Meditation and walking with your dog.

Meditation is a nice mindful practice and so is walking a dog. We can also immerse ourselves in nature, even if it’s only a town park. Leave the other business and just walk and walk and walk. That’s my advice 😉.

How to switch to natural pet care products?

Have you decided to switch to natural pet care products?

Are you having a slight panic attack?

The skin is a dog’s (and our) largest organ. It protects our dogs from microbes and the elements, helps regulate body temperature and permits the sensations of touch, heat and cold. It also provides a natural way for the body to shed toxins. Skin rashes and breakouts are signs from the body telling us that something isn’t right.

Diet is the biggest contributor to wellbeing and feeding a dog healthy dog food is really important. By avoiding processed food in our dog’s diet and feeding them nourishing, species-appropriate food instead is, in my opinion, the best thing we can do for them.

100% natural pet care products from Vita Canis
Some of the 100% natural pet care products from Vita Canis.

Saying this though, it’s equally important what we put on their skin. The choice of shampoos, conditioners, flea and ticks treatments (and even perfumes) need to be carefully considered. Knowing this, perhaps you’ve decided to switch to a natural pet care routine. And you’re now having a slight panic attack on what to throw away and what to get instead.

When going green in your pet care it’s important to know where to start.

1) Check what you’ve got already.

There’s no need to throw away your shampoos, conditioners and other pet care products all at once. You can start by replacing them slowly once you start to run out. Replacing all the products at the same time can be a bit pricey.

2) Check the ingredient label on the insecticides you have.

When I decided to develop insect, flea and tick repelling products I wanted them to be safe. Not only for our dogs and us but also for the environment. Commercial repellents contain synthetic ingredients that repel insect, fleas, and/or ticks. Many of them have been linked to skin irritation, negative respiratory effects and rashes. Not only this but they are known to have a negative effect on bees, fish, birds and the environment in general. Find out here what to avoid.

3)  Don’t rely on the front label.

Many manufactures and marketers rely on the fact that people don’t read labels. One will find flashy bold prints on the front of the bottle claiming to be “vegan” or “sustainable”. But it’s often not the case.

A vegan product is a product without the addition of any animal products or by-products. It’s important to remember that vegan doesn’t necessarily mean natural. Some of the animal-derived ingredients are not always replaced by botanical, plant-based ingredients. They are instead often substituted with synthetic ingredients made in laboratories.

Sustainability is the ability to exist constantly. Sustainable products are those products that provide environmental, social and economic benefits. While protecting public health and the environment over their whole life cycle. From the extraction of raw materials until the final disposal (Wikipedia). When products are labelled as sustainable is it just the content or is the packaging sustainable as well?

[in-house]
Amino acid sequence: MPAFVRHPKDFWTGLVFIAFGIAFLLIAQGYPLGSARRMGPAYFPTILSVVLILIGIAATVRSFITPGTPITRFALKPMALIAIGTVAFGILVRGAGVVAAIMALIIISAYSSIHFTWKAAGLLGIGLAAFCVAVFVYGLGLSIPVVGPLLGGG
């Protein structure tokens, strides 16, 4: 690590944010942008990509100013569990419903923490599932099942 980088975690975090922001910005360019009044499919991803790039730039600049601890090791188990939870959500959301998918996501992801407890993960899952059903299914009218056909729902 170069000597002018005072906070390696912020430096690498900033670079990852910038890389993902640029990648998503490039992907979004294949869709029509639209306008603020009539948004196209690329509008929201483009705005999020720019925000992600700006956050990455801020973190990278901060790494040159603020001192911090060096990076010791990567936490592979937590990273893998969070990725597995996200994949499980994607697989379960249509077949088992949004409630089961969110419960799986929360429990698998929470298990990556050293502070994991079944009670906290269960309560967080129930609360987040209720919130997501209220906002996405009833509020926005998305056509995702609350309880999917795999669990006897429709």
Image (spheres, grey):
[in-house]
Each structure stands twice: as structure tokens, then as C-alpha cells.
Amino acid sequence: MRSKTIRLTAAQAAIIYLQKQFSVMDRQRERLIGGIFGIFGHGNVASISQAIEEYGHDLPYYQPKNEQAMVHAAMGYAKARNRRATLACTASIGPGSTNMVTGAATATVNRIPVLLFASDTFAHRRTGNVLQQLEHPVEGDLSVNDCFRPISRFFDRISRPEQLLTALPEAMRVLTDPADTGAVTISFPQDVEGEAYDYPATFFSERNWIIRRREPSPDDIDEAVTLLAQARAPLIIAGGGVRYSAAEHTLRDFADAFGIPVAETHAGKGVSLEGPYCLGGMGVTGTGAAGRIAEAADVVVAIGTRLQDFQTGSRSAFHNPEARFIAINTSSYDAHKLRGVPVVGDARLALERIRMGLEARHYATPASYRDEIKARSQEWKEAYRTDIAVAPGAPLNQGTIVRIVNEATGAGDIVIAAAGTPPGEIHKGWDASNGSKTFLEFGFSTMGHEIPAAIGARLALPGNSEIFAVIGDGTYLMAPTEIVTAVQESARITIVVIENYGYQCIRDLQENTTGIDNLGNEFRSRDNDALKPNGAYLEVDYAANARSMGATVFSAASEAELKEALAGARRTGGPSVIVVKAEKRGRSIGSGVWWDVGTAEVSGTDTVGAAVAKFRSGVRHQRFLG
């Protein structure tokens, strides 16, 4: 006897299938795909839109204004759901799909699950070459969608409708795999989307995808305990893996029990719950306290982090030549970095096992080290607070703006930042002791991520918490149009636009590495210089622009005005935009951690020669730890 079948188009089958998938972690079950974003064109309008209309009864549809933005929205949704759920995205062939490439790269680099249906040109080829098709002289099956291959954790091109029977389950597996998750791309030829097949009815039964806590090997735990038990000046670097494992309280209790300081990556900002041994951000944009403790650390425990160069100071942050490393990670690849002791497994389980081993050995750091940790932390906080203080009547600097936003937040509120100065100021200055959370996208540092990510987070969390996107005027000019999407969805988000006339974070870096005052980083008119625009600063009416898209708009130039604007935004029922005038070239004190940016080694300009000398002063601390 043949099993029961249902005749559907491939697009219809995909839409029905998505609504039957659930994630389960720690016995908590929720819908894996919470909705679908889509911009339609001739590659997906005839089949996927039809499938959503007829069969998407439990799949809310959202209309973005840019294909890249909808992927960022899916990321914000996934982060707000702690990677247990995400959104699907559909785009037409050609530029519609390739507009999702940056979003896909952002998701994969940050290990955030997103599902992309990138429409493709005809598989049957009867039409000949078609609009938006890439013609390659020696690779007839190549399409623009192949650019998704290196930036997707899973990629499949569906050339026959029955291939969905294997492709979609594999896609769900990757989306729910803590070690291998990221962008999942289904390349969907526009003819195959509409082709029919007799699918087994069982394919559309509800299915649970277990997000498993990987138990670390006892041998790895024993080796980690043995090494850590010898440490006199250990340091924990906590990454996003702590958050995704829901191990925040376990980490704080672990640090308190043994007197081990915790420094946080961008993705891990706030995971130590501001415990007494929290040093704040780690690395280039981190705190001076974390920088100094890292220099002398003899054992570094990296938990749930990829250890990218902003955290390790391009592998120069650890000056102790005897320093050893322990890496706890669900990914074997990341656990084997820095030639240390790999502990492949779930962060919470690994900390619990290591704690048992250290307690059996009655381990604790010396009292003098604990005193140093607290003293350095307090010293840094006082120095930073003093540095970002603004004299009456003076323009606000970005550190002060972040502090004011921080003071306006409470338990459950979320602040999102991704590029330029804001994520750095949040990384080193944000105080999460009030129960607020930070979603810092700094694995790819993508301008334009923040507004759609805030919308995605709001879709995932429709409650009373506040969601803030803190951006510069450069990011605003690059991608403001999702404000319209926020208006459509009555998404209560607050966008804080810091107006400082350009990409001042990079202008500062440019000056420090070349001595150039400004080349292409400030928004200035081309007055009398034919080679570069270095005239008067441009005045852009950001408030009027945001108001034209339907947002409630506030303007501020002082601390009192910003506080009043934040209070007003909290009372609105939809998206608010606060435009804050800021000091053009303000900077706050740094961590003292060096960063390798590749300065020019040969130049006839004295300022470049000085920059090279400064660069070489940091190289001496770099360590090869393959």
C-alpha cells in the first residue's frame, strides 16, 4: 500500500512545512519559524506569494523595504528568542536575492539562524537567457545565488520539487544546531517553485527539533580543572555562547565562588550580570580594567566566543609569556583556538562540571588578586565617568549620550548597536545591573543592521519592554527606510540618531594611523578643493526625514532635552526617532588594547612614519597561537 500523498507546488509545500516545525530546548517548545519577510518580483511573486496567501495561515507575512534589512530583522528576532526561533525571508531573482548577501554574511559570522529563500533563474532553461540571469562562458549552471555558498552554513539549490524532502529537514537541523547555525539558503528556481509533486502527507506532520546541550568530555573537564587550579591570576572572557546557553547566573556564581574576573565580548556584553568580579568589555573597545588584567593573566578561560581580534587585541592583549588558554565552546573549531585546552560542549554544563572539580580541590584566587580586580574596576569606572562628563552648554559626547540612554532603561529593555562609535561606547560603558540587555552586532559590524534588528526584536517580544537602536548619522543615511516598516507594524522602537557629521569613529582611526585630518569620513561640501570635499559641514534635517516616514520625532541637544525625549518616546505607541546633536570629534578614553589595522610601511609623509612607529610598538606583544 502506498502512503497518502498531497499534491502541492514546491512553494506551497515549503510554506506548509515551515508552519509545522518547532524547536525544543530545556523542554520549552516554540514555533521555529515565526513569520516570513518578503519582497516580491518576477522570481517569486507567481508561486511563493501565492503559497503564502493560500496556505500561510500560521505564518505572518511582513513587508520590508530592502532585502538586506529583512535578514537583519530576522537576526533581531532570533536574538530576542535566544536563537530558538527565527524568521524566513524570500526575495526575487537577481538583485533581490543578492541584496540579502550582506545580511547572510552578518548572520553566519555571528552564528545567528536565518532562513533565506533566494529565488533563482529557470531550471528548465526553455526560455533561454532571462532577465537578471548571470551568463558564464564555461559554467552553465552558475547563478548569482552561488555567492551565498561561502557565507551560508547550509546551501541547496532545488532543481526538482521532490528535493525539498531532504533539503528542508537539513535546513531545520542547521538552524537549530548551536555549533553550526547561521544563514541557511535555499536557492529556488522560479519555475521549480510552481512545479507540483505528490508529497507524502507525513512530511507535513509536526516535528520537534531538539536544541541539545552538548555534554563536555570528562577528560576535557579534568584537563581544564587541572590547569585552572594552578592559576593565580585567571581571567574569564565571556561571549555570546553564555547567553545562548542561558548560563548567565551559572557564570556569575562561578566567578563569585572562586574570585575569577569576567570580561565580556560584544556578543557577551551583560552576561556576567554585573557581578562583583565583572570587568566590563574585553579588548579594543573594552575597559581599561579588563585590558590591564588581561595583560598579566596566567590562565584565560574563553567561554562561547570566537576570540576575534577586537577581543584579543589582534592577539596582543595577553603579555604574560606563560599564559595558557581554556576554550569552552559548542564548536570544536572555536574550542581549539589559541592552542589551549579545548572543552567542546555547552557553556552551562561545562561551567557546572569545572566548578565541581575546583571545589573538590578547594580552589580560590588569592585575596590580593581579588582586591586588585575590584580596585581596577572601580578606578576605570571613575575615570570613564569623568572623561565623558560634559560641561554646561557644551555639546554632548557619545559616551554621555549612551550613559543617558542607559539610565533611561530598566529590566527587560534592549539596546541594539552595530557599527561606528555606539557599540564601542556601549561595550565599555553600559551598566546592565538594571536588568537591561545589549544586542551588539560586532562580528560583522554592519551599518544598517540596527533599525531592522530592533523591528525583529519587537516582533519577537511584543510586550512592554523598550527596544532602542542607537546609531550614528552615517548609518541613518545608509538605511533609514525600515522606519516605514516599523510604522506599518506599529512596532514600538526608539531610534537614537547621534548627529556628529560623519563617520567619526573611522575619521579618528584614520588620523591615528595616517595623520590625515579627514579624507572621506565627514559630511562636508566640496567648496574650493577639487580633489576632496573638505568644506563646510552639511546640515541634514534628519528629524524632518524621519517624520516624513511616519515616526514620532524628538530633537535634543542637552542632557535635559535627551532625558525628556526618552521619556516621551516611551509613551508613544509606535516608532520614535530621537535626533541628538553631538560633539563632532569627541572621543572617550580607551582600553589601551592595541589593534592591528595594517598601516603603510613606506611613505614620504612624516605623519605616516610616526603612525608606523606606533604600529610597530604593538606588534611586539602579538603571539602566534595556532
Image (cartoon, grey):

4) Don’t assume that anything “natural” is also safe.

Natural and safe are not synonymous and a lot of people mistakenly think that natural ingredients are safe ingredients. This couldn’t be further from the truth. Many natural substances are irritating and some even highly toxic. For example, citrus oils are phototoxic. When applied on the skin undiluted or not diluted properly and then exposed to UV light, they can cause damage to the skin that can look like a rash or even sunburn.

“The more information we have, the better choices we can make”

Raw Feeding with Moddie Lambert.

A friend told me about Moddie Lambert and I was instantly fascinated by her knowledge about raw feeding. So naturally, what did I do? I invited her to give a talk at my salon… not once, but twice.

Moddie Lambert BCCSDip. HthNut is a qualified Canine Nutritionist with over 7 years experience of tailoring enhanced raw feeding solutions for dogs of all breeds.  Moddie is also on the committee for The Raw Feeding Veterinary Society.

Moddie’s ethos is very much based on what a dog would have eaten in the wild.  She says, “The very basics of animal husbandry dictate that dogs are more healthy when fed a fresh, species-appropriate diet, evolved over countless millennia to eat. In the case of dogs, this is a diet of raw meat, bone and offal. When would you have seen a dog scavenge for a wheat-based carbohydrate diet? Never and sadly this is adding to the many problems dogs have with skin and digestive issues”.

Are you thinking about changing your dog’s diet to raw?

I asked Moddie to answer these three very common questions about raw feeding…

1/ Why is raw better for dogs?

Raw food is considerably better for dogs as it is not processed. It improves coat, skin and dental health very quickly, plus it does not swell in the gut like dry kibble which encourages dogs to drink more which can cause kidney problems. Raw food does not stick to teeth like kibble and if fed the correct raw diet allows your dog to thrive and have energy and good health.